Web designers usually know how to help make a website more usable or functional.  Some also have intuitive skills that enable agencies to strike the right notes in messaging and imagery. But for those who don’t—and even for those who do—message modeling can provide a well-defined target to shoot for and criteria to assess whether the messages are hitting their mark.  Such models are a standard feature of the Agency Web Review report.

Eight years after the first review, who knows how the personality characteristics may have changed?  New factors are likely to emerge in association with key outcomes.  To find out, be sure to register for the 2013 Agency Web Review.

 

From their keyboard to your web designer

(Second in a series of three posts)

As we introduce the 2013 Agency Web Review, we are reviewing highlights from the 2004 edition.

It is great for an agency to get numeric ratings on various aspects of its website—especially when comparable ratings for a group of other agency websites are available to show relative strengths and weaknesses.

But the ratings come to life when designers and mobilizers learn the specific reasons beneath the great ratings—or when they get suggestions to improve elements of their site.

Back in 2004, when we first gathered opinions of dozens of agency sites, social media was still in its infancy and dialogue with prospects was much less prevalent—so getting actionable feedback from the target audience was more difficult.

Today future missionaries have more channels to offer ideas—the challenge is getting them to take time to look closely and consider how their input can help.

Next month, the Agency Web Review will provide incentives to those considering cross-cultural service to spend several minutes observing agency websites—and then offering their opinions about them.  In addition to numeric ratings, respondents will provide open-ended feedback on their initial impressions, the website’s strengths, and elements that can be improved.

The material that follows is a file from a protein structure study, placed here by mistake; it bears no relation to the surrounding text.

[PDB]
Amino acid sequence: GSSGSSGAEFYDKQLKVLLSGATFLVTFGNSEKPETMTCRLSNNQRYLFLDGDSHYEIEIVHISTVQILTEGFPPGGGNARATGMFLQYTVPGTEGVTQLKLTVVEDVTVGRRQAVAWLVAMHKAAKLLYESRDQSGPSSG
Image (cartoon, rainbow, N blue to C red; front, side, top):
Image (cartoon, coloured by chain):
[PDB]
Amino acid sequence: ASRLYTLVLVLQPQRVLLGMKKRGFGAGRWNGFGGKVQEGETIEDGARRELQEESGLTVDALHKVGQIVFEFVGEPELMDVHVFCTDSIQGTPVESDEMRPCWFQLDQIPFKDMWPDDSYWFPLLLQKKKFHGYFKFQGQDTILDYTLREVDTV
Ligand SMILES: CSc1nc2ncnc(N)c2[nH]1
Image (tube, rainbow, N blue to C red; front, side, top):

Here are some of the verbatim quotes from future missionaries.  Would any of these apply to your site?

It was attractive, but it wasn’t obvious what they did.

 

It was a little cluttered with things and I really didn’t know what I should click on. But it was VERY informative.

 

Really liked the home page and the different pictures that come up when you point at the options to enter.

 

Opportunities— list was hugely long—I had no idea which ones to select.  Perhaps narrow the categories a bit for a first selection.

 

They recommended books which would be helpful for someone looking for more resources and help in a particular area.

 

I liked the opportunity boxes that popped up over the world and then I could click on them.

 

Include more stories about past missionaries’ experiences.

 

I love the emphasis on prayer. I think that it probably points to a good orientation.

 

Things weren’t hidden in fine print from what I could tell in my brief study. Everything seemed very up-front.

 

Give more detail about service opportunities without requiring a person to receive mailings.

 

I could not find a belief statement.

 

It is impressive they have the site in a different language.

 

Increase the size of the font, I can barely read it.

 

Visually a bit sparse, but seemed spiritually grounded.

 

There is a lot going on, visually creative. I wanted to learn more.

 

Seemed to be more focused on their organization than on the people they were serving, kind of a turn off.

 

Mission and values were clearly stated and inspiring.

 

The global map links on the home page didn’t all work.  I couldn’t find a webmaster link to report it.

 

How do I actually work for (agency)!? I have no idea how to apply or what to do if I want to work with them!

 

Present more ‘in your face’ opportunities to serve or donate.

 

I really liked that one of the first things I saw invited me to pray with the group.  It gave me a way to get involved right now.

At the agency level, this kind of feedback is especially valuable for designers.  Collectively, comments about dozens of sites can be coded and analyzed for helpful trends.  Comments in the 2004 study most frequently related to the following:

  • Ease of Navigation
  • Quantity of Information
  • Organization of Site
  • Design / Layout / Color
  • Graphics / Photos

The most-frequently-mentioned opportunities for improvement fell into these categories: